Mechanisation in the SA Apple Industry

Like all agricultural industries, mechanisation of SA’s apple industry has evolved through a series of stages moving from hand tools to horses, then to engine powered equipment and tractors, and finally to the highly mechanised orchard systems we know today.  Developing technology has transformed apple orchard systems from widely spaced trees reliant on natural rainfall to today’s high density irrigated trellis systems.

This mechanisation section highlights a series of key pieces of technology that have transformed SA’s apple industry:

Soil and Orchard Floor Management

Through the 1800’s, initial clearing land for orchards and tilling soil for weed control was achieved using forks, hoes and other hand tools.  Trewhella jacks were an important tool for grubbing large tree stumps.  Later horses for ploughing and cultivating reduced the labour input.  Fertilizer and manures were also hand spread and incorporated into the soil during hand cultivation.

By the 1920’s and 1930’s, walk behind petrol powered rotary hoes reduced the back breaking work of hand digging, especially on steeper slopes.

Through the 1920’s to the 1940’s tractors began to replace horses as the motive power for ploughing, cultivating and other orchard operations.  Introduction of hydraulic implement lifting systems on tractors after WW2 saw widespread adoption of tractor mounted tillage equipment through the 1950’s and 1960’s.

Apple orchard cultivation with horses - Blackwood 1930 - 2019s

Caption: Apple orchard cultivation with horses – Blackwood 1930’s
Photo No. 106648
History of Agriculture, PIRSA

Crawler tractors were popular from the 1930’s through to the 1970’s for their ability to work on steep slopes and provide traction under wet conditions.  Since the 1970’s 4 wheel drive tractors have become popular, and today many apple growers use special low profile 4WD orchard tractors.  Changes from kerosene to petrol then to diesel along with improved engine design have given dramatic improvements in power and work capacity.
Contour planting of orchards at Blackwood in 1950%u2019s

Caption: Contour planting of orchards at Blackwood in 1950’s 
Photo No. 106620
History of Agriculture, PIRSA

Frequent tillage of soil resulted in significant erosion.  While contour planting was demonstrated to be effective, it was not embraced by orchardists as an erosion control measure.  Improved irrigation systems and tractor mounted mowers enabled adoption of grass based orchard floor management systems from the 1960’s.  These not only reduced erosion, but resulted in improved tree health, pest management, greater yields and improved quality.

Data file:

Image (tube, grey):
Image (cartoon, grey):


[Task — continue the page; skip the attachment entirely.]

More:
Early model offset slasher in Lenswood apple orchard 1971

Caption: Early model offset slasher in Lenswood apple orchard 1971
Photo No. 104805
History of Agriculture, PIRSA

Further reading:

Wishart R.L.; (1957) Soil Management in Non Irrigated Orchards and Vineyards;  Bulletin No 444 South Australian Department of Agriculture

Beare J.A.; (1957) Contour Planting Protects Orchards and Vineyards; Bulletin No 1957/448 South Australian Department of Agriculture


Most early apple orchards were highly reliant on natural rainfall, with resultant variable yields.  However, as technology became available, water was sourced from dams and underground aquifers to irrigate trees.  Bore pump technology changed dramatically from early beam pumps (pre 1940’s) to higher flow and deeper turbine (1950’s to 1970’s) and submersible pumps (1980’s onwards).

Irrigation became more common during the 1920’s and 1930’s as petrol powered centrifugal pumps enabled pressure distribution of water from dams and tanks to trees by hand shift moveable pipes with sprinklers.  As electricity became more widely distributed, pumps were switched to electric motors.

Hand shift sprinkler lines in the 1950%u2019s

Caption:  Hand shift sprinkler lines in the 1950’s

Lighter weight aluminum hand shift pipes became more common during the 1950’s and 1960’s.  Hand shift irrigation lines required a lot of labour, and these were replaced by permanent under tree sprinklers from the 1970’s onwards.  Despite pioneering work on trickle (drip) irrigation with apples by Fergus Black of the Victorian Department of Agriculture, which showed that trees with split root systems could thrive if only one portion of the roots were watered, this technique has never gained wide acceptance in South Australian apple orchards, mainly because there are benefits in maintaining a growing grass sod  between the tree rows both to keep orchards cool and to minimize surface erosion from bare soil.  This is achieved most easily with sprinklers.  Today, sophisticated electronic soil moisture monitoring systems are used to more accurately match water application rates to tree requirements.

under drip irrigation at Lenswood Research Centre 1974

Caption:  Apples under drip irrigation at Lenswood Research Centre 1974
Photo No. 104695
History of Agriculture, PIRSA

Further reading:

Arndt F.R. (1935)  Irrigation & Drainage Bulletin No 303 South Australian Department of Agriculture

Armstrong F.W. & Cole P.J. (1977)  Drip Irrigation, Bulletin No 77/2 South Australian Department of Agriculture

Pest & Disease Management/Spraying

The major apple pest codling moth first appeared in Tasmania in the 1850’s and gradually spread to all other states except WA.  In order to successfully grow apples, orchardists had to effectively control codling moth and a range of other pests and diseases.  Lead arsenate was a common early insecticide.